This system would consist of only two runtime components, an Ontology Mapper Discovery Interface that accepts and tracks user requests and an Ontology Mapping Service and its associated Mapping Interpreter.  This service would run as a background task and process data according to a preconfigured schedule.

Figure 6. Ontology maps and association with Harvest tables


IDRs pose special challenges in information security and regulatory compliance. While attempting to balance privacy and compliance with the need for convenient data access by authorized personnel, our design implements high security standards, including a) encrypting all protected health information as defined by the regulations of the Health Insurance Portability and Accountability Act (HIPAA), b) implementing FISMA security guidelines for access to any data obtained via an agreement with a Veterans Administration health facility, c) restricting researcher access to data in accordance with the regulations of the Office of Human Research Protection and associated IRB approval processes, d) maintaining detailed audit reports of end user activity, e) implementing a password policy for all administrative level access, f) encrypting all data transports via SSL using HTTPS and SFTP, and g) requiring all users to receive appropriate training in information security practices and sign a security practices agreement.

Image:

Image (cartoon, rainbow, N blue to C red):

Our proposed design is intended to greatly facilitate biomedical research by minimizing the initial investment that is typically required to resolve semantic incongruities that arise when merging data from disparate sources.  Through the use of a rules-based system, the translation of data into the domain of a specific researcher can be accomplished more quickly and efficiently than with a traditional data warehouse design. The proposed system will dramatically lower the barrier to IDR development at biomedical research institutions to support biomedical and translational research, and promote inter-institute data sharing and research collaboration.





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  1.     Brinkley JF, Suciu D, Detwiler LT Gennari JH, Rosse C. A framework for using reference ontologies as a foundation for the semantic web. Proc. AMIA Symp. 2006; 96-100.


  1.     Gennari JH, Musen MA, Fergerson RW, Grosso WE, Crubézy M, Eriksson H, Noy NF, Tu SW.  The evolution of Protégé: an environment for knowledge-based systems development. International Journal of Human Computer Studies 2003; 58(1):89-123.